Brook Street

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Westward view from the east end of Brook Street, close to Hanover Square.

Brook Street is one of the principal streets on the Grosvenor Estate in the exclusive central London district of Mayfair. Named after the Tyburn Brook that formerly ran nearby,[1] it was developed in the first half of the 18th century and runs from Hanover Square to Grosvenor Square. The continuation from Grosvenor Square to Park Lane is called Upper Brook Street. Both sections originally consisted of typical London terraced houses, mostly built to individual designs. Some of them are quite grand and were designed by well known architects for aristocratic clients, especially near Grosvenor Square, while others are more modest. Some of the original houses survive while others have been replaced by buildings from a variety of periods.

Features of the street include the grand hotel Claridge's, at the junction with Davies Street, and Le Gavroche, a famous restaurant. The former United States Embassy, which abutted Upper Brook Street and Grosvenor Square, necessitated security arrangements which impeded free access to the former. The Embassy of Argentina is at number 65. The Handel & Hendrix in London is also in Brook Street, occupying numbers 23 and 25, the former residences of famous musicians Jimi Hendrix and Handel.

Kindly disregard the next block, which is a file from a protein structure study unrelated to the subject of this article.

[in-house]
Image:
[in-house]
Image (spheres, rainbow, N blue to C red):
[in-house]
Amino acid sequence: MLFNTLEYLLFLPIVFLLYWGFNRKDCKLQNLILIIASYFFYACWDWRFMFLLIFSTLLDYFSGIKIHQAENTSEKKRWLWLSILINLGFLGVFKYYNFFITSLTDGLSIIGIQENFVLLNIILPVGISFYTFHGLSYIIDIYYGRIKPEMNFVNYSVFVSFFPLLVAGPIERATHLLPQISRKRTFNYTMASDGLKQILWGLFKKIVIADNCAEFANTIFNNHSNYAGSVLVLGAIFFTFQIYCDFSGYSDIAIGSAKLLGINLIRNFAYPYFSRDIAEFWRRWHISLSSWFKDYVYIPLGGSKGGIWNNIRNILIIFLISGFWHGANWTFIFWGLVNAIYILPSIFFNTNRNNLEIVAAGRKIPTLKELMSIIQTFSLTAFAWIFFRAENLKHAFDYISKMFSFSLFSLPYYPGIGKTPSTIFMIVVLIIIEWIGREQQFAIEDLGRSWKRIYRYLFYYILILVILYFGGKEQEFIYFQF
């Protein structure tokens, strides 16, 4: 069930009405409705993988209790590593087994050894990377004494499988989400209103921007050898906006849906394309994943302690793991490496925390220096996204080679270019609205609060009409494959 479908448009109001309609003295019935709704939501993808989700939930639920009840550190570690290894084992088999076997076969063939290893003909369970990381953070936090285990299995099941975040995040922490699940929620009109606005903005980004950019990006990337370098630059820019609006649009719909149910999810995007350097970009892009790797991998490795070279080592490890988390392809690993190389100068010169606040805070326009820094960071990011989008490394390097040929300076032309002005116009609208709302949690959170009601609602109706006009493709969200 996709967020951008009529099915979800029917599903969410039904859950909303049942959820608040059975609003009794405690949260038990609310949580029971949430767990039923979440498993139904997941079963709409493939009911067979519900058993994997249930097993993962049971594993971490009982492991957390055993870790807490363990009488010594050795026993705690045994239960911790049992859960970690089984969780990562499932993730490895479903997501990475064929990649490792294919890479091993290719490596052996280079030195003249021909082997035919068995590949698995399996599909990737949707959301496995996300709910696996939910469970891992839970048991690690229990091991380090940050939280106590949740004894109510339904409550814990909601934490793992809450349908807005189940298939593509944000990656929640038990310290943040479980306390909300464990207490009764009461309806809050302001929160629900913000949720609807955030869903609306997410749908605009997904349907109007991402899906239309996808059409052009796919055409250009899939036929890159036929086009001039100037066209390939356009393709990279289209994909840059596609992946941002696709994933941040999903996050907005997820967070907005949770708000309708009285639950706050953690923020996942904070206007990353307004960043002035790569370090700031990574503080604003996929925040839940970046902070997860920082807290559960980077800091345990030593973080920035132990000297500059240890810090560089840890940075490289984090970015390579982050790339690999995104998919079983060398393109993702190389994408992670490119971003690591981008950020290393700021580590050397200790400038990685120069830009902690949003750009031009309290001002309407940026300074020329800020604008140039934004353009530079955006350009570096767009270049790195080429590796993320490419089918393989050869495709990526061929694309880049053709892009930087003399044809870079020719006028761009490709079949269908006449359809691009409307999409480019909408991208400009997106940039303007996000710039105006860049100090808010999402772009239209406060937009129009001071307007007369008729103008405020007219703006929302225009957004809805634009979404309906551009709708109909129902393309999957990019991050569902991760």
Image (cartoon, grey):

Former residents[edit]

Houses of Jimi Hendrix (No. 23, left) and George Frideric Handel (No. 25)


  1. ^ a b Survey of London, Volume 40: The Grosvenor Estate in Mayfair, Part 2 (The Buildings), 1980, ed. F. H. W. Sheppard, p. 210-221
  2. ^ Brown, Susan, Patricia Clements, and Isobel Grundy, eds. Valentine Ackland entry: Life screen within Orlando: Women's Writing in the British Isles from the Beginnings to the Present. Cambridge: Cambridge University Press Online, 2006. 27 November 2018.
  3. ^ 'Upper Brook Street: North Side', in Survey of London: Volume 40, the Grosvenor Estate in Mayfair, Part 2 (The Buildings), ed. F H W Sheppard (London, 1980), pp. 200-210 Accessed 14 December 2015
  4. ^ Wheatley, Henry Benjamin (1891). London, Past and Present. London: Murray. p. 283.

External links[edit]

Coordinates: 51°30′46″N 0°08′50″W / 51.5129°N 0.1471°W / 51.5129; -0.1471